Unfortunately, the centrality of the system has made, and continues to make these people a target of people whom the system seeks to punish. It is absolutely certain that those who target the system, including witnesses and jurors, have no regard for the House, this democracy or the views of the vast majority. They have no regard for human life or the integrity of the justice system. Their concept of justice tends to stop at their bottom line. That lack of respect for human life means this provision is needed and so we must once again renew it.
Section 8 is essential to repel these forces. As a democratic parliament, we must send a strong message that we will not stand for that kind of attitude towards our criminal justice system. It is not just politicians that want to send that message. As the Minister said, the Garda Síochána is still seeking to maintain these provisions. It is important that when we look at the report the Minister has laid before the House, we note that the Garda uses only part of the provisions. It shows the Garda is not abusing this, but is treating it with the seriousness we have granted to it within the legislation.
It is noticeable that areas of the legislation are not functioning as strongly as had been envisaged. I acknowledge the election today of Deputy David Stanton as Chairman of the Committee on Justice, Defence and Equality, along with Deputy Joanna Tuffy as its Vice-Chairman. I wish them well. When the Minister attends the committee, we might reflect on those areas that are not as robust as they should be. We must try to get as much cross-party agreement as possible to tackle them.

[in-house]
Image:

The Minister referred to the ongoing level of organised crime and gangland activity generally. We must ensure that the legislation is as responsive and flexible as possible. Unfortunately, the resources available to these people often mean that they are better equipped than the security services and one step ahead of the law. We must therefore ensure that this legislation is robust. I welcome the fact that the Minister must lay a report before the House every year when seeking to renew the legislation.
The offence of directing a criminal organisation is not just aimed at gang leaders but at the foot-soldiers who perpetrate crimes on their behalf. Other offences include: participating in, or contributing to, the activities of a criminal organisation; committing an offence for a criminal organisation; and being liable for an offence committed by a corporate body on behalf of a criminal organisation. Few would argue that those are significant offences posing a threat to the State. Those committing such offences have no regard for jury trials or witnesses, which is why we must continue to support this provision.
The offence of directing a criminal organisation brings such matters into sharp focus. A number of documentaries, including one recently on RTE, reflected on times when these legislative provisions were not available. Because it was not possible to bring the perpetrators to justice, they continued with their campaigns of destruction in communities around Dublin and elsewhere, regardless of the consequences for the general public. The introduction of these powers and others has ensured that we are now supplying the Garda Síochána with a legal basis to protect citizens from damage to their daily lives through drugs, arms and various other criminal offences.
The section is particularly relevant at this time. This Sunday will mark the 15th anniversary of Veronica Guerin’s death. Those are the depths to which these people are willing to descend to protect their citadels and their interests. We should remember that Veronica Guerin was gunned down while doing her job as a journalist in exposing gangland activities. Criminals are still as liable to do that today as they were 15 years ago and unless we robustly support this legislation and ensure it is maintained and flexible, they will certainly do it again. That is why all of us in this House have a responsibility to be careful in commenting publicly on any body that seeks to assist us.